Portals and Paths in Japanese Religious Architecture

Exhibit Overview

The exhibition Portals and Path in Japanese Religious Architecture examines how religion, sacred places, beliefs influence architecture. This project first started with an image of a palace, temple, and a single torii gate. Soon after I realized that I was interested in religious architecture and what they represent. The two main religions in Japan are Buddhism and Shinto, and structures built for the two religions are different but for the same purpose, a zin place for people to worship. Japanese religious architecture is similar to Chinese religious architecture as they both share many similar features, especially the structures which are dedicated to Buddhism. 

A common theme for the exhibition is the use of architecture as transformative space, transforming a space from mundane to a more sacred space for religious purposes. In addition to the architecture being used as a symbol of transformative space, the use of height, in many cultures the gods and goddesses are high up in the sky. Building higher up to reach the sky could help one feel closer to their religion. 

Torii’s are some of the most iconic Japanese architecture structures, it’s something that has been replicated in many western countries and is iconic. The three torii gates images in this exhibit are all different: one is placed in a lake, one is made of stone and the other one is a row of gates. The structures are all different but they all feature the same concept and purpose. Torii gates are traditionally made of wood or stone. Temples are Buddhist structures and oftentimes people would visit them to pay respect to the Buddha. Different temples have different structural characteristics and features. Most temples look similar to one another but they are all made from wood. The roof of a temple is usually a hip and gable roof, which is standard for Buddhist structures. The two temples chosen for this exhibit are the Phoenix Hall and the Kiyomizu-dera temple. Both are famous Buddhist temples in Japan, both are similar to one another as they serve the same purpose but are different at the same time.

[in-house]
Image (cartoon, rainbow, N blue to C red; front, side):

Hakone Shrine Torii Gates 

Subject: Architecture
Title: Hakone Shrine Torii Gates 
Location: Lake Ashi, Kanagawa Perfecture, Japan
Creation date: 1993
Author: Dang Son 
Photo Taken: July 23 2015

The shrine is located in Takeo Shrine, Takeo, Japan. This shrine is different compared to other shrines in Japan. The Shinto shrine is in Mount Hakone, and this torii is located on Lake Ashi, which is the lake near Mount Hakone. This torii has the features of typical traditional torii’s, the color red. Torii represents a sacred place, a transition from mundane to a sacred place. The torii gate has a stone path paved in the middle leading to the lake; this represents the lake as a sacred place. Torii gates often represent safety, health, and long life. This torii looks like it’s floating in the water, fishermen who would navigate their boats through the torii before coming on land in hopes of long life, health, and safety. There are a number of torii gates that are on lakes. This one is special because there is a path going in front of the torii.

Takeo Shrine Torii Gates

Subject: Architecture
Title: Takeo Shrine Torii Gates 
Creation date: Takeo, Japan
Author: Naokiji
Photo Taken: Aug 12, 2021